Forty years, still remembered and loved
May 21, 2021
Students and staff at Patrick M. Villano School in Emerson are remembering the building’s namesake: former principal Patrick M. Villano. It’s been exactly 40 years since Villano passed from a heart attack. He was 45 years old. Villano’s memory lives not only in the school’s name, but also in his wife’s heart.
“He was a faith-filled man who had an innate curiosity and spirit of adventure,” said Jacqueline S. Villano. “He always felt that Emerson is a special community. He also had an inherent thirst to keep learning. He cultivated many interests outside of education including photography, film, and movies; fishing; swimming; long, meandering walks; reading; and making memories with family.”
Jacqueline Villano first met her future husband in 1957 while interviewing for a teaching position. Both landed jobs at then Linwood School. Mrs. Villano said her husband became a teacher in the hopes that he could motivate young people, “stoking their own enthusiasm and curiosity to explore the unknown and appreciate that life always has something new to offer and teach us.”
The school system in Emerson grew substantially while Villano served in the district. For example, there was no Memorial School. Later, the district had to expand the Linwood School for increased enrollment.
“I believe Pat’s personality, his kind, caring, even-keeled nature; his gentle, wry, and often self-deprecating sense of humor, served as something of a leveler and unifier in the midst of many changes as the district grew and continued to evolve,” Mrs. Villano stated. “I also know that because Pat pursued many interests and was enriched by many hobbies outside of work, he was very attuned to, and proud of, expanding after-school programs, day trips, and outings for students where recreational enrichment served as education unto itself.”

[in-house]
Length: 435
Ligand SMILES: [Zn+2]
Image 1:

Mrs. Villano remembers that her husband encouraged his students to pursue personal interests and hobbies. She recounts a time when Villano motivated a shy student to perform a magic act in front of his class. With that inspiration, the boy pursued his love of magic and kept in touch with the Villano family. The student’s career blossomed, according to Mrs. Villano. His work is now world-renowned, and he is credited for devising patents for widely-used magic tricks. He has even worked behind-the-scenes on Broadway shows, developing special effects for Tony Award-winning plays.
“[This] story is just one of many, but it clearly illustrates what teaching meant to Pat — how gratifying it is to play a small part in the growth and development of students and witness how their lives play out in the larger world,” she explained. “He believed it was very important to identify and develop one’s own unique gifts and talents. By doing so and by retaining integrity along the way a person could then carve out his or her own fulfilling niche, where those gifts and talents could also benefit others oftentimes unknowingly and in extraordinary, unexpected ways.”
Mrs. Villano said her husband was very grateful that the Emerson School System and the community embraced him as both a teacher and later a principal of Linwood School in 1962.
“He was the kind of person who simply got up every day, went to work enthusiastically, and strove to do his best. He approached life as if it were an adventure—never knowing what was around the next corner, yet remaining eager, positive and open to new opportunities and chances to learn and grow,” she stated.
It was only after his death, and the family received a tremendous outpouring of letters, calls, and tributes, that they fully appreciated his impact, said Mrs. Villano.
“Pat made a difference and touched lives. In the end, I truly believe no one would have been more surprised than Patrick Villano when the school was renamed for him,” she said.